I'm an all-around artist who's taking his first step into the world with being a novelist. I love films and they're my biggest inspiration when it comes to writing. Not so much about referencing films, although there's some of that in "Lie". Someone once told me that my writing style is like reading a film, which made me all sorts of proud.
I try to create stories that are real with bouts of surrealism. I'll get better with age and I hope you stick around to watch me gray.
Do you plan everything or just let the story flow?
I tend to plan enough. I start off with the basic idea and soon after for some reason, the ending comes. Then I bounce between building characters and the world. While that's going on, I write story notes and the three feed off of each other. Once I feel that I've done enough planning, I get to try to make sense of the scattershot mess. Mostly, arranging things in a linear fashion. How many checkpoints I have depends on what the story tells me I need. Some short stories were written from a one-sentence prompt. Others took pages. Neither mean that the end result will be short or long. I like to plan and earn each checkpoint, but I'm writing a story with me winging it most of the time. I like the challenge, but I don't think it'll be something I do often. Or at all, if this turns out to be a horrible, horrible idea.
Do your characters ever want to take over the story?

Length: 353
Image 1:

I've learned that the longer the story is, the less control I have over the end result. Poems and microstories are great for control. What I had planned for "Lie" and what I ended up with stopped syncing the further along I got. Things started drifting apart toward the middle. My original idea was to make the second half more like the last third. Even then, the characters didn't want to listen. Idette was supposed to be much more of a victim in the last third, but she wasn't having any of that nonsense. Not no way, not no how. And there's a character interaction between her and another character at the very end that was demanded by that other character. They were supposed to interact, but not in that way.
What is your favourite food?
I'm a guy with simple tastes so hand me a plate of macaroni and cheese and we'll be alright. Bonus points if it's sprinkled with garlic salt.
Are you a morning person or a night owl?
I'm a frustrated night owl. I want to stay up late more because I'm ever so much more comfortable with the night, but I can't find a reason to. Then I wake up practically at the crack of dawn, miserable. Maybe I should plan double-features...
Where do you dream of travelling to and why?
I'd love to go to Paris for a very silly reason. Most go for that tower or that church or that museum. At night, I wanna be in a Parisian apartment on the second floor, with the balcony doors open, getting into a heated debate over cinema with someone and a flute of red wine. I can't tell you how excited merely writing that made me.
Do distant places feature in your books?
I was gonna answer "not really", particularly since it'd be "book" for me, but then I thought about Edithshire and the last third of "Lie". Edithshire, imaginary as it is, rests in England, and I'm a Yank. So that kinda sorta counts, right? Then there's that final third... if you can tell me where that is, I'd love to hear it.
Do you listen to music while writing?